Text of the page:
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The Contrast Of Love And Hate In William Shakespeare's Romeo And Juliet

1787 words - 7 pages

The Contrast of Love and Hate in William Shakespeare's Romeo and Juliet

Romeo and Juliet is a love story that has more hostility and bloodshed
than most of to day's common television series. The play begins with
an insurrection of the civilian people, ends with a double suicide,
and in between of this hostility and bloodshed there is an act of
three murders. All of this takes place in the duration of four petite
days. In the love story of Romeo and Juliet it is frequent for love to
turn to hate from one line to another. This indistinctness is
reflected throughout Romeo and Juliet, whose language is riddled with
oxymorons. "O brawling love, O loving hate," Romeo cries in the play's
very first scene, using a figure of speech and setting up a theme of
love and hate that is played out during the five acts.

In act one scene five Romeo lays eyes Juliet for the first time, he is
stunned by her exquisiteness and describes her beauty using the
language of a sonnet. The imagery used by Romeo to describe Juliet
gives central insight into their relationship. Romeo firstly describes
Juliet as a source of light, like a star, against the darkness: "she
doth teach the torches to burn bright! It seems she hangs upon the
cheek of night." As the play progresses, a cloak of interwoven light
and dark metaphors is emitted around the pair. The lovers are
repetitively associated with the dark, an association that points to
the undisclosed nature of their love. During this confrontation it is
the only time they are able to meet in safety. During Romeo and Juliet
confrontation, the light that surrounds the lovers in each other's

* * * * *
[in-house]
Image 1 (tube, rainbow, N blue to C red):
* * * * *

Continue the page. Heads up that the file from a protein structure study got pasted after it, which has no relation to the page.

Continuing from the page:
eyes grows brighter to the very end, when Juliet's beauty even
illuminates the dark of the tomb. The association of both Romeo and
Juliet with the stars also continually reminds the audience that the
two lovers' fates are "star-crossed."

Romeo believes that he can now differentiate between the
disingenuousness of his love for Rosaline and the indisputable
feelings that Juliet inspires. Romeo acknowledges his love was blind,
"Did my heart love till now? Forswear it, sight / For I ne'er saw true
beauty till this night."

Romeo's begins to use religious imagery from this point on in the
play. He begins by describing Juliet as a holy shrine. Romeo begins to
move towards a more spiritual contemplation of love as he moves away
from the overblown, overacted imagery of his love for Rosaline.

Such otherworldly moments of the expression of true love never last
long within this feuding society. The threat of violence
instantaneously interrupts the romantic atmosphere created by Romeo's
sonnet when Tybalt recognizes Romeo's voice and wants to eradicate him
then and there. Although forced to accept Capulet's judgment as head
of the family to allow Romeo to stay, Tybalt utters a threat...

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